Joaquin Phoenix and Philip Seymour Hoffman in Paul Thomas Anderson’s “The Master.” | THE WEINSTEIN COMPANY
Paul Thomas Anderson made his first three films in three years. Since then, the gaps in his filmography have grown increasingly large. It’s been five years since his last film, “There Will Be Blood,” and his current one, “The Master.”
There’s less and less room in American cinema for the kind of adult-oriented filmmaking Anderson favors. Robert Altman seems to be Anderson’s biggest influence, but after the ‘70s, Altman himself was out of favor with the studios; his best ‘80s film, “Secret Honor,” was made in collaboration with a college class. By Hollywood standards, Anderson’s budgets are relatively low, but he’s not making the kind of films with five-figure budgets that could be partially raised on Kickstarter.
Much of the buzz around “The Master” has revolved around the similarities between the Cause, a quasi-psychoanalytic organization founded by Lancaster Dodd (Philip Seymour Hoffman), and the early days of Scientology. I was more struck by the ways in which Anderson has started to repeat himself. He comes very close to recycling imagery from his 2002 comedy “Punch-Drunk Love,” except that there’s nothing funny about the anger and violence expressed in “The Master.”
When “The Master” begins, Freddie (Joaquin Phoenix) is serving in the Navy in the final days of World War II. An alcoholic prone to violence, he drifts through a string of jobs after his release from the military. He first meets Lancaster when they get into a fight while Freddie tries to take the older man’s photo. After Freddie gets in trouble for concocting a toxic brew of booze, he takes refuge on Lancaster’s boat and becomes part of Lancaster’s crew, participating in the Cause and living in his house.
This is the first film in which Phoenix is really convincing as a middle-aged man. Here, his looks are in the process of fading, and he seems about ten years older than his actual age. The quasi-documentary “I’m Still Here,” in which he played himself as a perpetually stoned, talent-free rapper wanna-be, showed he has little vanity. “The Master” confirms it, but it also reveals a raw intensity new to Phoenix’s work. His voice sounds like it was squeezed out of his vocal cords by force.
Although Anderson cast actresses as talented as Laura Dern and Amy Adams, he didn’t give them much to do. “The Master” is a guys’ movie. While there are no gay characters, unlike Anderson’s “Boogie Nights,” there’s a greater homoerotic charge between Freddie and Lancaster than I’ve ever felt between two men in an Anderson film. The Cause gives them an instant intimacy, as Lancaster gets to ask Freddie about his sex life. However, their relationship remains unequal — one of master and servant or, at worst, owner and unruly pet. Lancaster manipulates Freddie and, in the end, Freddie uses what he learns to manipulate women.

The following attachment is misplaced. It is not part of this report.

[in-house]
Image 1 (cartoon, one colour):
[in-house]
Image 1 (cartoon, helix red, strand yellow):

Rebelling against an all-digital future, Anderson shot “The Master” in 65mm. It will be shown in that format in several theaters around the city. (The only other recent film shot in 65mm is Ron Fricke’s documentary “Samsara,” and the Landmark Sunshine is showing that on digital video, albeit with very high quality projection.) Anderson says he wanted to capture the look of ‘40s and ‘50s Hollywood cinema.
“The Master” is no retro pastiche, however. At first, it seems to be aiming for something akin to “Mad Men” or Todd Haynes’ “Far From Heaven” — capturing the past with all the knowledge and freedom of the present. Haynes made a film that Douglas Sirk might have if he’d been able to openly depict gayness. The opening lines of “The Master” are about STDs, and the film is frank — to the point of being crude — about sex in ways that no Hollywood film made in the ‘50s could have been. All the same, that’s not its real agenda.
“The Master” is centered on a number of set pieces between Lancaster and Freddie. In one, Lancaster asks Freddie a series of embarrassing questions while ordering him not to blink. In another, Freddie demolishes a jail cell while Lancaster, confined to the next cell, urges him to calm down. These scenes are among the most powerful I’ve seen this year. Unfortunately, they suck all the oxygen out of the rest of the film.
When Freddie’s not in a rage, “The Master” suffers. It also doesn’t benefit from seeming like a partial reprise of “Punch-Drunk Love,” where Adam Sandler’s character dealt with many of the same issues. Anderson got a great performance out of Sandler, something I never dreamed possible, and he gets one out of Phoenix here. But for all the passion mustered by Phoenix, the final third of “The Master” grinds to a halt. The Cause purports to offer visions of past lives, but it can’t offer a satisfying ending.
THE MASTER | Directed by Paul Thomas Anderson | The Weinstein Company | Opens Sep. 14 | Citywide